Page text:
Sprouted green mung beans, simmered in a curry with coconut milk, cardamoms, onions, ginger, garlic, tomatoes and spices. Similar to daal or a soup. Vegetarian and gluten-free.
What started out to be a shift from our consumption of the more commonly eaten daals and lentils for dinner, turned out to be a rather pleasantly delicious one! I cooked it like a curry, we slurped it like soup, and also treated it as a daal, it is daal, ultimately best enjoyed with rice and rotis. In front of my 10 year old daughter I will stick to our ‘daal’ which she likes, but if I utter the word ‘soup’, she will instantly turn her head away, much to my chagrin!
I have posted several recipes with lentils and beans, be it good ol daals, soups, stews and the like. It is one of our staple and favorite comfort foods eaten at home, simple, unassuming and good for you, especially growing kids.
I started out by sprouting mung beans or green gram, as it is also called. I sprouted a big batch, kind of double duty cooking for the week. The remaining sprouts, I added to a fresh salad the next day, the recipe to feature in my next blog post. The healthiest way to eat sprouts would be raw or slightly steamed, to retain the nutrition and crunch. I took another route by steaming them in the pressure cooker along with the basic 4’s that go into most curries and deals – onions, tomatoes, ginger, garlic. Of course, it would be incomplete and lacking flavour, without the addition of some fragrant whole spices and ground masalas from my spice box or ‘masaldaani’ as I like to call it. The twist, which really gave it, that exciting kick, is coconut milk, along with curry leaves, mustard seeds, white poppy seeds, cardamoms and powdered fennel seeds. It also lent a regional Indian touch to the dish, reminiscent of a coastal Kerala curry. A sprinkle of fresh cilantro and a dash of freshly squeezed lemon juice, livens up any lentil dish, before you bring it to your dining table to be devoured 🙂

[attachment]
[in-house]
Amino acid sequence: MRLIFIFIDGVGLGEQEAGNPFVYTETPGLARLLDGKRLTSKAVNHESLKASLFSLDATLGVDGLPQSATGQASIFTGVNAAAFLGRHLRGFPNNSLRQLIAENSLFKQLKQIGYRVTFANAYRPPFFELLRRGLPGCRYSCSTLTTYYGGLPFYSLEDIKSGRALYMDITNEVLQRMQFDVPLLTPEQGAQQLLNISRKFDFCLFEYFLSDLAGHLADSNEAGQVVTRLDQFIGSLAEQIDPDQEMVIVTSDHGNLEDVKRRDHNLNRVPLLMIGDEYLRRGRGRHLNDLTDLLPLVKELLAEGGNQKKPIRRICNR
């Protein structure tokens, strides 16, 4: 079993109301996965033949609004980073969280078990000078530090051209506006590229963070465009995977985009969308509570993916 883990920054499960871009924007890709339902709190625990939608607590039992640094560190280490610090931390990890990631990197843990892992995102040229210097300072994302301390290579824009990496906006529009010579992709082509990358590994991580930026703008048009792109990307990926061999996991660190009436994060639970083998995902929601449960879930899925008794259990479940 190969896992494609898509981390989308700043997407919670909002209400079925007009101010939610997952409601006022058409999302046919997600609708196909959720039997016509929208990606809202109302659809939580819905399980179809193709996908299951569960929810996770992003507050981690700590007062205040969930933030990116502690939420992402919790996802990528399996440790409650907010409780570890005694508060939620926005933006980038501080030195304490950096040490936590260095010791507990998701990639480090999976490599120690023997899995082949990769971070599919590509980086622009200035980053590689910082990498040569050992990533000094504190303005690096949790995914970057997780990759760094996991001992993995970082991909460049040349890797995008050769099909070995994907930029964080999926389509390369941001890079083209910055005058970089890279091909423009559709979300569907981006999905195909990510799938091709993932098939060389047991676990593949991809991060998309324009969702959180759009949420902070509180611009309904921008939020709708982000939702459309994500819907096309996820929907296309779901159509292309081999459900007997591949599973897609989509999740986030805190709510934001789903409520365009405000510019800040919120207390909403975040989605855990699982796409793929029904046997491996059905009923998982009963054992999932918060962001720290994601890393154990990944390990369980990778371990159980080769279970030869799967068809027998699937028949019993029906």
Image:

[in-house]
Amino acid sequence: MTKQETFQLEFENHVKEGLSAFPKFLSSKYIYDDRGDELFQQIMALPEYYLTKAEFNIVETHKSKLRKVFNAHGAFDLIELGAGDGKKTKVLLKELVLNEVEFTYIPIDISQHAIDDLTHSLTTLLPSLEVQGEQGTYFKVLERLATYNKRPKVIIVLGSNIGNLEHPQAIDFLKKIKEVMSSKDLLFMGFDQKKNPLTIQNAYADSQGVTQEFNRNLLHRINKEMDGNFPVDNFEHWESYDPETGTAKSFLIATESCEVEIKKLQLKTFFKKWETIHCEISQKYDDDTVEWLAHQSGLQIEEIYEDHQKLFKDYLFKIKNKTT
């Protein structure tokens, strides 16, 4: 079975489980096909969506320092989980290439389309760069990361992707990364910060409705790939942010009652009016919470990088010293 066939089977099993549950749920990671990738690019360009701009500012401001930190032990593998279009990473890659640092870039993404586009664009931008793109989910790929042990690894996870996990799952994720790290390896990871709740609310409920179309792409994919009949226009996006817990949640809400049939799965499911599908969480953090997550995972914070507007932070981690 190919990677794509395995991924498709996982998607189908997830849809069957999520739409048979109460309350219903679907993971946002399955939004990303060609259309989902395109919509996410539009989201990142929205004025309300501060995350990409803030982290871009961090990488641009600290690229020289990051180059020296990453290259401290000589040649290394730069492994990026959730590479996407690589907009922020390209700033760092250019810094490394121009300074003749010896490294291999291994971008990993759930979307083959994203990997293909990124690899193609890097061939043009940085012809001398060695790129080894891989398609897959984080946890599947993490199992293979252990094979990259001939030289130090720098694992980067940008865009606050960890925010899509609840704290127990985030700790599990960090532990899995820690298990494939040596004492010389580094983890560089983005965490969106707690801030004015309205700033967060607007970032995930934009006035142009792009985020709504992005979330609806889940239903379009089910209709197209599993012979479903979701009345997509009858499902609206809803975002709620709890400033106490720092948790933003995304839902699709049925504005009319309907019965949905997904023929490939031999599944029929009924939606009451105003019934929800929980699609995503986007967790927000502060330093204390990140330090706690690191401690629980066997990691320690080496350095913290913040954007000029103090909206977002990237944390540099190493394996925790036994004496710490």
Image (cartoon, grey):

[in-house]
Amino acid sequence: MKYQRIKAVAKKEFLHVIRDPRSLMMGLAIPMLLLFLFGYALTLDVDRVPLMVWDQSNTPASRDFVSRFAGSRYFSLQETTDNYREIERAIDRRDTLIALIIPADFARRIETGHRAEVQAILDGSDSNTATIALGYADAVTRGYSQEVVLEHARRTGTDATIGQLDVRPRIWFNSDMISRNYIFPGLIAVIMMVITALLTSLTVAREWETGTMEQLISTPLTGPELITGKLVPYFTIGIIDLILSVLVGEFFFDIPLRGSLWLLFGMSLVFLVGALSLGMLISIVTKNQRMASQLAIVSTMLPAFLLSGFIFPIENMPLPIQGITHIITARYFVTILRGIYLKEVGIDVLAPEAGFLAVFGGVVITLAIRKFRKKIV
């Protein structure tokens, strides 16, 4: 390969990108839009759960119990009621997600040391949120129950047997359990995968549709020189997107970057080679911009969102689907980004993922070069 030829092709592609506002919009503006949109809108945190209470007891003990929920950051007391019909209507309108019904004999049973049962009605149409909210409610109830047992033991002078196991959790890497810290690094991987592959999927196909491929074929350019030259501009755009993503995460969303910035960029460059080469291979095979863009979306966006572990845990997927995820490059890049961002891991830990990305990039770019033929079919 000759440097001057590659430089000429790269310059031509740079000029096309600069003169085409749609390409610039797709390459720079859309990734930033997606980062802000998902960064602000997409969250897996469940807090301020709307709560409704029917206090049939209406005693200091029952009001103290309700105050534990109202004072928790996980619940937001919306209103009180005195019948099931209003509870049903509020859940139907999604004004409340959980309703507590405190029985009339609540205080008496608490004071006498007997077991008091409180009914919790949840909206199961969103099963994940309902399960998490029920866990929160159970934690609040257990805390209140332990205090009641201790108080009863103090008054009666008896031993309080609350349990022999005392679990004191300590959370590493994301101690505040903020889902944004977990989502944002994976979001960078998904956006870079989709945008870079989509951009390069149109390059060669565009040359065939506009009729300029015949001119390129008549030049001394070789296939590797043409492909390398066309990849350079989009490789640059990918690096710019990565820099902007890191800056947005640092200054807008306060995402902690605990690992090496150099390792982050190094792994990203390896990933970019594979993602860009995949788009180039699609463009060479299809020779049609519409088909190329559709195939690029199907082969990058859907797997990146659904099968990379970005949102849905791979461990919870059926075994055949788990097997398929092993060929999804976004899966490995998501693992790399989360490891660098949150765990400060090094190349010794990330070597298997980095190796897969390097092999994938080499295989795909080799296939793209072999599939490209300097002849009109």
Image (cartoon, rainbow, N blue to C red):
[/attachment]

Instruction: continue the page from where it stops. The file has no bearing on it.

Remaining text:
It is wholesome, hearty and nutritious, eaten alone as a soup or accompanied with rice and bread.
Dried green mung beans or green gram – 1 cup
Ghee – 1 tbsp. For a dairy-free, vegan diet, substitute with coconut oil.
1 onion, finely diced
2 tomatoes, finely diced
2 cloves, garlic
A small, say one inch piece fresh ginger
Green chilli or jalapeño, finely minced. The amount depends on the level of heat of one prefers.
A few curry leaves
Coconut milk – 1/2 to 3/4 cup
3 green cardamoms
1 tsp. white poppy seeds
1/2 tsp cumin seeds
1/2 tsp mustard seeds
Salt, to taste
Fresh cilantro and lemon juice.
For the ground spices or masalas –
1 tbsp. coriander powder, 1 tsp. fennel seeds powder, 1/2. tsp turmeric powder, 1/2 tsp. paprika, 1/2. tsp red chilli powder, 1/4. tsp. cinnamon powder, 1/2 tsp. cumin powder, 1/4 tsp. black pepper powder. Mix together.
Soak the mung beans in water overnight, at least 8 hours. Drain water. Spread the beans evenly on a big plate and cover with a damp muslin cloth or towel. After 6-8 hours, rinse the beans with water and again drain and keep covered. Check again after 6-8 hours. They should sprout by now. For longer sprouts, repeat the process till desired length.
Grind the ginger, garlic, green chillies, cardamom seeds, poppy seeds and cloves, along with a little water, to a paste.
In a large pressure cooker, add ghee. (I use my traditional, old school stove-top, made-in-India pressure cooker :-)). Sauté the onions over low to medium heat till caramelised and golden brown. Add the ginger-garlic spice paste. Add the curry leaves, mustard seeds and cumin seeds. Sauté for a minute. Add the ground spice mix along with a little water, so that they don’t burn. Sauté for a couple of minutes. Add tomatoes and a couple tablespoons water and simmer on low for 8-10 minutes.
Keep stirring and adding water in between, to create the base for the curry.
Add the beans and enough water to cover the beans.
Pressure cook on high for 1 whistle. Simmer on low for 10 minutes. Let the pressure release on its own.
Alternatively, one can use a pan or Dutch oven, if you don’t own a pressure cooker. The beans should cook within 20-30 minutes.
Add the coconut milk and salt, to taste. Simmer for 5 minutes. Before serving, garnish with fresh cilantro leaves and squeeze fresh lemon juice.